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Nature with a curfew and an admission fee | BEYOND KITSAP

The view from about a mile out on the spit.  - Bill Mickelson/Staff Photo
The view from about a mile out on the spit.
— image credit: Bill Mickelson/Staff Photo

What's Up takes a quick trip north to walk one of the biggest sand spits in the United States.

Go ahead and call me cheap.

I’m still wondering if the price of admission to walk Dungeness Spit was worth it.

Granted, it’s prestigious enough — touted as the largest natural sand spit in the United States, extending five miles out into the Strait of Juan De Fuca. They say it’s growing at an average rate of about 15 feet per year. It’s also a National Wildlife Refuge for endangered birds, established in 1915 as a resting and wintering place for the once extinction-threatened Black Brant.

Still, even with that, paying to enjoy nature is a tough pill to swallow.

Because the cost was only $3 for our entire two-man party (myself and my cohort Mr. McDougall), we let it slide, paid the toll and headed off down the trail.

And it would’ve been worth it too, if we’d only gotten there a few hours earlier. But before we get into that, let’s cover some of the basics.

A natural sand spit — not an all-too-familiar term for many — is one of the most common coastal landscapes there is. It is kind of like a strip of beach, or a sandbar, that extends out into the water for hundreds of feet or in some cases for miles. One end connects to land, while the other exists in the open water.

Spits are formed by a process that’s called longshore drift in which waves meet the beach at an oblique angle, and backwash perpendicular to the shore, moving sediment down the beach in a zigzag pattern, according to the Journal of Geology.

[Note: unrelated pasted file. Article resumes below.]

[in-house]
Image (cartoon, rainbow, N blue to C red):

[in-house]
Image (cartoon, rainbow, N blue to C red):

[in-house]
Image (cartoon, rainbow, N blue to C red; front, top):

It’s kind of a confusing process, that I’ve yet to fully wrap my head around, but it’s not all that important to this story.

What’s important here is that you know about this massive and fascinating coastal feature, that’s located right outside your backyard — a short 45-minute drive Beyond Kitsap, north through Sequim, up Kitchen-Dick Road to the Strait of Juan de Fuca.

My camera-wielding colleague and I recently took the trip to see this largest of natural sand spits in the United States, and hopefully walk out to the lighthouse located at the far end for tea and conversation with the Dungeness light keepers.

However, our departure was delayed as I unsuccessfully attempted to consult the day’s tide tables (as is suggested before you go by the Washington State Department of Ecology Web site), so by the time we arrived the sun was already on its decline.

After spending 15-20 minutes reviewing the nature reserve’s many rules and regulations (no fires, no camping, no ATVs, no horses, no one allowed on half of the spit to name a few) plus the time spent filling out the envelope for the admission fee, it almost seemed like a lost cause.

Also in the rules and regulations, we found out that they lock the reserve’s gates at 6 p.m. — something that would’ve been nice to know before we arrived — which meant we had less than four hours to walk the five miles and five miles back. D’oh!

Which, of couse, is ridiculously unrealistic, but, of course, we went for it anyway.

About a mile onto the spit, just as I was getting that lost-on-a-deserted island feeling I was hoping for, two elder park keepers approached us in a golf-cart-looking beach cruiser to let us know there was 5 p.m. curfew to get off the spit, and they would be locking the gates at 6 p.m. whether we had made it back or not.

Who knew that nature could have so many rules?

LEARN MORE ABOUT DUNGENESS SPIT at the New Dungess Light House website — — and at

A BIT CLOSER TO HOME... The Bloedel Reserve, a 150-acre public garden and sanctuary located on Bainbridge Island was recently the only garden in the United States nominated for the inaugural Gaden of the Year Award sponsored by the British Broadcasting Service publication “Gardens Illustrated” and the Garden Museum of London. While Bloedel didn’t get the top prize, the international nomination was the second major recognition for The Reserve this year. Back in June, Bloedel was awarded for Garden Excellence by the American Public Garden Association, for which The Reserve will be featured in the spring edition of “Horticulture Magazine.”

Reservations to visit can be made at

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